This year we mark International Women’s Day against a backdrop of great uncertainty for global security. As we prepared this blog, images of devastation and reports of continued shelling and attacks on civilians across cities and towns in Ukraine filled the news media. At the time of writing, over 1 million people had fled Ukraine to neighbouring countries and the humanitarian situation was deteriorating quickly. While in the blog we focus on the issue of sexual and reproductive health and rights in the context of the climate crisis, we feel it is important to stop for a moment and reflect on the fate of women and girls in conflict zones in a week when Russia continues its invasion of Ukraine; Yemen, Syria and Somalia have all witnessed airstrikes; and conflict and post-conflict continue to ruin lives around the globe.

The theme of this year’s International Women’s Day (IWD2022) is ‘Gender equality for a sustainable tomorrow’, recognising the contribution of women and girls around the world, who are leading the charge on climate change adaptation, mitigation, and response, to build a more sustainable future for all. This is apt given the huge amount of evidence and ever-growing examples of extreme weather, drought and wildfires raging across the globe. The catastrophic impacts of climate change, which we are already witnessing, are likely to cause significant social upheaval, and increase the risks of conflicts and future pandemics, such as the one we continue to live through today. UN Women, in writing about IWD2022, points out that ‘those who are amongst the most vulnerable and marginalised experience the deepest impacts’ of climate change, with women being affected to a greater extent than men.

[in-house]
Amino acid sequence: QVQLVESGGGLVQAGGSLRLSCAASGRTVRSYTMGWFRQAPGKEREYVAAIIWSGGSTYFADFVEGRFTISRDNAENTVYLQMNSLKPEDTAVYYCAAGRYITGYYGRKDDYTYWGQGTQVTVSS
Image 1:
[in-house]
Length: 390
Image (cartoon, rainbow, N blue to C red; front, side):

For those of us working on the theme of gender and sexual and reproductive health and rights, this is nothing new, and certainly doesn’t come as a surprise: For many years now, Health Action International has worked with partners across sub-Saharan Africa to strengthen health systems and improve access to essential sexual and reproductive health commodities. Through evidence-based advocacy we have been successful in, for example, increasing district health budgets in Kenya and funding for magnesium sulphate to treat pre-eclampsia in Uganda. But it is a reminder, at a troubling and perhaps pivotal point in human history, of the need to ensure that the rights of women and girls are protected as a matter of priority.

The gains for women and girls that have been made over the years are put at risk by the devastation climate change is predicted to cause. We have already seen the gender effect of the COVID-19 pandemic; the so-called ‘shadow pandemic’ of increased gender-based violence. Added to that, a recent study showed that teenage pregnancies and school dropouts amongst girls in Kenya were also increased by the pandemic and related control measures – just one example in one country. These are some of the clear reasons that we must redouble our efforts when it comes to securing sexual and reproductive health and rights, and that is exactly what HAI and partners will be doing in the years to come.  

Finally, to return to the theme of IWD2022, development, health and the environment are increasingly being framed by the one health model – healthy environment, healthy animals, and healthy humans. But what about healthy societies? Not the physical health of individuals that makes up a population, but a society that is equal, inclusive, free and democratic. This speaks to the role of women in securing a sustainable response to one health. Unless and until societies fulfil the promise of equity, and women are recognised as equal in their contribution to environmental guardianship, we cannot hope to overcome the challenges of the future.